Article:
We wondered whether the blockade of extinction with TrkB.t1 prevented the initial encoding of the extinction process or the consolidation of extinction memories. To address this, we altered our extinction protocol so that we could examine both within-session and between-session extinction. Rats were trained and injected as above. In this experiment, however, extinction occurred over multiple days of testing; tests were administered every 2 d and each involved 30 light-startle trials intermixed with 30 startle-only trials (to measure fear-potentiated startle). This ‘slow extinction’ approach provided extinction training while also allowing us to measure fear within each extinction session.
Rats expressing TrkB.t1 demonstrated significantly (P < 0.05) decreased extinction (Fig. 2b) across several days of extinction training and testing, as compared to rats expressing GFP (which showed marked extinction across days). The impairment of extinction in TrkB.t1-infected rats was not complete, however, as there appeared to be some level of extinction occurring over the first 2 d, perhaps due to incomplete TrkB.t1 infection within the amygdala. An alternative explanation for this partial deficit is that other non-BDNF mechanisms are also involved in extinction (for example, the NMDA receptor4 and the VGCC (ref. 7)), and these may allow for partial consolidation in the absence of normal TrkB activation.
To compare rates of within-session extinction between the two groups (Fig. 2c), the first 3 d of repeated extinction testing were combined, and the level of fear for each rat at the beginning of testing was normalized to 100%. We observed that there was no difference between the groups in the rate of within-session extinction (Fig. 2c,d). However, whereas the GFP-infected rats showed progressive reductions in fear during the first block of trials across testing days (a measure of retention), rats infected with TrkB.t1 manifested fairly similar levels of fear at the beginning of each extinction session, even after 4 d of extinction training (Fig. 2c), in contrast to their normal rates of within-session extinction. This suggests that these rats may initially encode the extinction memory within each session but are not able to consolidate it, making it unavailable for recall during subsequent sessions. This is similar to the effect seen following lesions of the ventromedial prefrontal cortex5 or the systemic administration of an NMDA antagonist12.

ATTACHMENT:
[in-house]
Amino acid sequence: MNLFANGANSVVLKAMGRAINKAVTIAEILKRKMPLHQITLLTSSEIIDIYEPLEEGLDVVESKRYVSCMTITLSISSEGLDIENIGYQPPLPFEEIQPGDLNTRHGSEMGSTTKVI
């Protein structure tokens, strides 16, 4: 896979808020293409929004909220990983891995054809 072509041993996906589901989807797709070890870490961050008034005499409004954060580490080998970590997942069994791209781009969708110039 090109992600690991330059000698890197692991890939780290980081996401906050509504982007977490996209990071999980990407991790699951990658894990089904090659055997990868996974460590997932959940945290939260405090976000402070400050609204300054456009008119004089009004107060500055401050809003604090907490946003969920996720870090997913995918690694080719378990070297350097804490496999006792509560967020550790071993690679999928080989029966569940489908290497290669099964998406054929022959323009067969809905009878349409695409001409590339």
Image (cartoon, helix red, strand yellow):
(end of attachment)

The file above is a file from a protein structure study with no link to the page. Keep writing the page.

Together, these data suggest that the TrkB receptor is not involved in the process of within-session encoding of fear extinction, but instead is required for the normal consolidation of extinction as measured during the retention test. These results are also consistent with findings from in vitro slice physiology showing that BDNF may be primarily involved in ‘synaptic consolidation’ of late-phase long-term potentiation (LTP)13,14.
The dissociation of within-session extinction from extinction retention in the present study suggests that these are two separable phenomena. The role of the BDNF/TrkB system in extinction contrasts with the apparent role of the cannabinoid receptor type 1 (CB1) in mediating the extinction of fear, as it has been shown that CB1 antagonism prevents both within-session extinction (Supplementary Fig. 2 online) and the retention of extinction15. Together with previous work5,12, it seems that within-session extinction may be a necessary but not sufficient condition for the formation of stable extinction memories.
Clinically, this idea may have important implications, as different treatment strategies may be appropriate for patients with deficits in within-session extinction versus the retention of extinction. Moreover, these results imply that enhancing TrkB activation at the time of extinction learning, or shortly thereafter during the consolidation period, could enhance the process of consolidation and extinction retention. Furthermore, because we previously found that BDNF also is required for the consolidation but perhaps not the acquisition of fear learning9, a BDNF antagonist given after the experience of trauma may decrease trauma memory consolidation and thus block the later onset of post-traumatic stress disorder.
Support was provided by the US National Institutes of Health (MH47840 to M.D., MH069884 to K.J.R. and MH070218 to J.P.C.), the National Alliance for Research on Schizophrenia and Depression (NARSAD; K.J.R.), NIH/NCRR base grant (P51RR000165) to Yerkes National Primates Research Center and the Center for Behavioral Neuroscience (National Science Foundation agreement IBN-987675).
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Note: Supplementary information is available on the Nature Neuroscience website.
COMPETING INTERESTS STATEMENT The authors declare that they have no competing financial interests.